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Sherwood Ross: Fear of Tyranny Sweeping America

Fear of Tyranny Sweeping America


By Sherwood Ross

Fear for their own personal security, so typical of a nation whose leaders are grasping for absolute power, has begun to grip broad segments of the American people.

In church this past Sunday one man spoke up during the “concerns” portion of the service, beginning, “ When the arrests begin I will probably be the first one picked up.”

He then went on to tell of a woman he knew recently released from a mental institution in Texas where, he said, the Federal government had locked her up for a year after she tried to show officials “proof” Iraq’s Saddam Hussein had no WMD.

I found this anecdote incredible until I recalled a recent reliable press account of a man arrested by the Secret Service merely for politely telling Vice President Cheney at a public appearance he disagreed with his policies.

Whether the story of the woman tossed into an asylum is factual, there are growing numbers of people who fear retribution for exercising their right of free speech. People warn their friends: Better not say that in public. Better not put that in writing.

After hearing the story of the woman’s arrest, a second congregation member stood up to warn dictatorships commit their dark deeds out of sight of the general public. He told of growing up in Argentina under the junta, oblivious to the fact the torture barracks was within a blocks of his home. Life, he said, went on normally even as people were murdered, and he prayed America would not suffer a like fate.

After the service, which was apolitical, still another church-goer circulated a petition opposing the Military Commissions Act, the one depriving arrested captives, according to Amnesty International, of “any opportunity for meaningful judicial review.”

Signers were not just reaffirming the idea of the golden rule. They were thinking what President Bush is doing to Guantanamo’s captives might also be done to them one day.

This fear is spurred by a growing mistrust of, and anger towards, the Bush White House. A majority of Americans, polls now tell us, think President Bush knew Iraq had no WMD when he made the war. In short, they regard the man as deceitful. And when people do not trust their leaders, they fear them and those they fear they also hate.

Columnist Molly Ivins three years ago wrote in “The Progressive” her reasons for hating President Bush. That feeling is spreading. Automobile bumper strips declare “Enough Bushit.” People commonly refer to Bush in conversation as “King George.” One Website dubs him, “The Smirking Chimp.”

(During the Civil War, when anti-Administration newspapers compared President Lincoln to an ape it was based on their view he was bungling the war rather than of any personal fear of the man.)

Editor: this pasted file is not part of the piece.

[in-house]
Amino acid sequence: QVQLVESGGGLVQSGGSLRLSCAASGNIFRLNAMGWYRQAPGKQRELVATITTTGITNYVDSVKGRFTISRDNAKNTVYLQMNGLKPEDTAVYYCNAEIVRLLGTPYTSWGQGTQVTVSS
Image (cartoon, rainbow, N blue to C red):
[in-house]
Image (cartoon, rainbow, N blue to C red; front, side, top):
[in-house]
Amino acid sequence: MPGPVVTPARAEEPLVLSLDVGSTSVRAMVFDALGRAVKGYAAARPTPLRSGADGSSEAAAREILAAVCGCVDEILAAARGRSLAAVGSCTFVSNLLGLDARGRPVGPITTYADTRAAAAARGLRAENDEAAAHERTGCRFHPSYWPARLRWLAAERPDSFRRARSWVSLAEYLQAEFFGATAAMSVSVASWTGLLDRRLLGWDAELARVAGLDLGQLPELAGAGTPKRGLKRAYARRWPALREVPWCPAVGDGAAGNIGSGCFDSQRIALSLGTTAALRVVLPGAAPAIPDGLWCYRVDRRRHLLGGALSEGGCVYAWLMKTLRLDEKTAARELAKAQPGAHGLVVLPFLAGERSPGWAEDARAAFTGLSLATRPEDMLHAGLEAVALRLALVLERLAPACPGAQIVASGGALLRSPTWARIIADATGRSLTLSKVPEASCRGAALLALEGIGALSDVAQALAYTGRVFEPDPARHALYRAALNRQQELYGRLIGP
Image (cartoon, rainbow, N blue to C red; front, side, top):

Among Democrats --- as among some conservative Republicans who feel their principles have been betrayed --- the fury toward the President is palpable. The New York Times reported Sunday, October 15th, “48 percent of Democrats say they are ‘more enthusiastic about voting than usual’” in the midterm elections. “Enthusiastic” isn’t the half of it. Many are enraged, reflected in the vitriolic mail piling up in Congress.

Gays, singled out for punishment by the Bush White House, are among the more apprehensive. Their concern is heightened by GOP-sponsored referendums prohibiting gay marriage, such as the one on the Virginia ballot. They worry about being officially stigmatized as second-class citizens. Liberals are also apprehensive. Some right-wing radio talk personalities use the word “liberal” much as Hitler used the word “Jews.”

Fear is also fueled by press reports about people being denied civil liberties, such as being kept from boarding an airliner without an explanation; of foreign scholars denied teaching opportunities here because of their views; of foreign students given no reason by State Department consuls for being denied the opportunity to study here.

Fear also spreads when public officials who speak the truth are demoted or dismissed. People become upset when a general who disagrees on Iraq tactics is booted and a high Army Corps of Engineers official is demoted for charging contracts are being let without competitive bids. There is a spreading belief the president has a vindictive streak and will punish anyone who opposes him. This has a chilling impact on free expression.

My own recollection is fear of President Bush today is infinitely greater than fear during the era of Senator Joe McCarthy back in the Fifties. McCarthy whipped up anti-Communist sentiment to paranoid heights but he was only a Senator. He couldn’t start a war on his own or reach out and have people arrested under any Patriot Act.

Now there is a president with virtual dictatorial powers who has deceitfully invaded Iraq, where reportedly 650,000 civilians have been killed for no good reason; who has threatened the use of nuclear weapons, who operates secret prisons around the world, and who implies his critics are unpatriotic. What’s his next step?

Yes, it is happening before our eyes: the nation that gave the world the Declaration of Independence, the Bill of Rights, the Four Freedoms, and played a large role in creating the UN Charter, is witnessing the evisceration of its civil liberties. Those who are beating the war drums about terror abroad may well be the first to unleash terror at home.

Am I scared? You bet. Gangrene spreads.

*************

(Sherwood Ross is an American reporter. Reach him at sherwoodr1 @ yahoo.com)

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